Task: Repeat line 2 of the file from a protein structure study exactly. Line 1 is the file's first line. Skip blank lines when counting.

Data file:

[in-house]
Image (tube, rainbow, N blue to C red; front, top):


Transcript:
Image (tube, rainbow, N blue to C red; front, top):